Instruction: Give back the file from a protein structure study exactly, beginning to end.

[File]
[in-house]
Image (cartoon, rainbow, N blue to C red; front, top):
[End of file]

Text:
[in-house]
Image (cartoon, rainbow, N blue to C red; front, top):